• When Porter said he couldn't read what I was asking him to read to me, he was really saying that he had stress associated with reading. His anxiety about reading taking too long, because he still needed to sound too many words out, created stress. This stress is usually accompanied by a feeling of powerlessness.

  • A wise parent knows the difference between manipulation and anxiety, or belief in an inability. If a person feels anxiety, he or she can honestly believe that he or she can't do something - like reading - because it was difficult the first time they tried it. This kind of fear associated with trying something hard is very common. But it should not be used as an excuse to not try or work on the skill some more.

  • In this type of situation, the parent acknowledges the anxiety the child is expressing and helps the child know doing the hard thing will be safe. The parent prepares the child for success at the hard task by making a plan with the child for how he/she will accomplish the difficult thing, including discussion of positive and negative consequences associated with doing or not doing the task. Then the parent gently instructs the child to do the hard thing. Of course, after the child has made progress toward the difficult goal, the parent praises the courageous steps the child has made in the right direction.

  • Advice for parents

  • No matter if your child is trying to get out of a chore by manipulation or by not knowing how to cope with stress and anxiety, it's important the parent affirm for the child that he or she can do the hard thing. Children who are sheltered from doing difficult things will struggle with feelings of powerlessness and have a tendency to underperform and make excuses. This is a recipe for feeling unfulfilled and weak. Helping children overcome fears and anxiety and learn obedience creates a habit of being emotionally strong.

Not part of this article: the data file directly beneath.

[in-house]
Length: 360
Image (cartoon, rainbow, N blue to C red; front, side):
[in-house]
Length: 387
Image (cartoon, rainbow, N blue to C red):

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  • Additionally, the most important thing parents can do when correcting a child who chooses to manipulate, or when attempting to empower a fearful child, is to have a calm and understanding tone. These types of parents won't allow their children's actions to cause them to take offense or to become short tempered and impatient. If parents are not calm, it can create disconnection with the child, contention in the home and frustration for everyone. Plus, the child will sink deeper into selfishness.

  • Parents who are calm and focused while working to reach the heart of the child (even during a correction), will create a feeling of safety and unity in the home and a deeper, more meaningful relationship with the child.

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Nicholeen Peck Author of: "Parenting A House United" Books and Classes: http://teachingselfgovernment.com/shop/ BBC show: http://teachingselfgovernment.com/videos/ Blog: http://teachingselfgovernment.com Email:

Website: http://teachingselfgovernment.com